And send MIM(Prisons) copies of any responses you receive!

MIM(Prisons), USW
PO Box 40799
San Francisco, CA 94140

*Petition updated September 2011, July 2012, and October 2013, February 2016, November 2016*

chain
[Censorship] [Evans Correctional Institution] [South Carolina] [ULK Issue 54]
expand

Stop Wasting ULK on Censorship

This letter is to inform you to discontinue sending out the Under Lock & Key newsletter to me here. There is a very repressive regime established at this prison and indeed the entire state. The censorship of our materials goes without challenge. Why? Authorized violation of so-called rights! The grievance procedure is designed to be a stalling mechanism and as it stands now is actually depriving the prisoners here of redress of grievances and access to the courts!

I do not want relevant/useful information appropriated or destroyed by these foolish people so please do not continue to mail any of your publications for now. I am furious at these methods and practices this system is using to block our awareness and consciousness but I am unable to offer a real challenge because these South Carolinians are fast asleep! I grow weary of the incessant thought of the problem. Merely writing or filing actions to the courts who, with every degree of bias/prejudice, turn blind eyes. We need some direct action! Do not let our papers go to waste brothers and sisters! I do not have any reliable sources out there. Yet, but I guarantee I soon will.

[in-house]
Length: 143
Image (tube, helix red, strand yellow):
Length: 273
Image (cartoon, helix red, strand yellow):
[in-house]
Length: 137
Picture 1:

MIM(Prisons) responds: It is always sad to hear from comrades hard at work behind bars who want their Under Lock & Key subscription terminated due to censorship problems. We appreciate this comrade's desire to save us the cost of sending in a publication that will only be censored, but we have also noticed that in prisons that are usually censoring our literature, occasionally things will slip through. So if you are in this situation, we are willing to continue to send ULK, in the hopes that it will get to you.